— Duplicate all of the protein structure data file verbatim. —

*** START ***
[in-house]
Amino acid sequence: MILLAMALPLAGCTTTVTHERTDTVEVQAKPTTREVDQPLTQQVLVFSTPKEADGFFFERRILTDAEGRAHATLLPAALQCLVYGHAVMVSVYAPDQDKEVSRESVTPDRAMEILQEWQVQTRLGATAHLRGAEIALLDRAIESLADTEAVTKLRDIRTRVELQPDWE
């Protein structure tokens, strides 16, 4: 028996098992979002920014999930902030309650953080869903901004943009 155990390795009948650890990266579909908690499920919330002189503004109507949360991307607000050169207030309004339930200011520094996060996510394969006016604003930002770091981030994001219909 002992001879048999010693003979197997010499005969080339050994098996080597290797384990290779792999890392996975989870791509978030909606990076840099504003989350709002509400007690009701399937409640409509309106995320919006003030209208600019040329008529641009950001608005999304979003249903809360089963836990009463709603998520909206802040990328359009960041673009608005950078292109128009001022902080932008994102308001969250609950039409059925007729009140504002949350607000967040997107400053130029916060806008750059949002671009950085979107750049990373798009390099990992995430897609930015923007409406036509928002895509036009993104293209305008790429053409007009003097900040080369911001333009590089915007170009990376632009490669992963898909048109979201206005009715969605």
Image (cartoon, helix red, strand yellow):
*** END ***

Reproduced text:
[in-house]
Amino acid sequence: MILLAMALPLAGCTTTVTHERTDTVEVQAKPTTREVDQPLTQQVLVFSTPKEADGFFFERRILTDAEGRAHATLLPAALQCLVYGHAVMVSVYAPDQDKEVSRESVTPDRAMEILQEWQVQTRLGATAHLRGAEIALLDRAIESLADTEAVTKLRDIRTRVELQPDWE
């Protein structure tokens, strides 16, 4: 028996098992979002920014999930902030309650953080869903901004943009 155990390795009948650890990266579909908690499920919330002189503004109507949360991307607000050169207030309004339930200011520094996060996510394969006016604003930002770091981030994001219909 002992001879048999010693003979197997010499005969080339050994098996080597290797384990290779792999890392996975989870791509978030909606990076840099504003989350709002509400007690009701399937409640409509309106995320919006003030209208600019040329008529641009950001608005999304979003249903809360089963836990009463709603998520909206802040990328359009960041673009608005950078292109128009001022902080932008994102308001969250609950039409059925007729009140504002949350607000967040997107400053130029916060806008750059949002671009950085979107750049990373798009390099990992995430897609930015923007409406036509928002895509036009993104293209305008790429053409007009003097900040080369911001333009590089915007170009990376632009490669992963898909048109979201206005009715969605």
Image (cartoon, helix red, strand yellow):